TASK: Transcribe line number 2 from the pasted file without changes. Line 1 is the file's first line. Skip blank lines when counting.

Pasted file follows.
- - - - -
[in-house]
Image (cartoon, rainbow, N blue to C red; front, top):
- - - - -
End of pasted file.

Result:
Image (cartoon, rainbow, N blue to C red; front, top):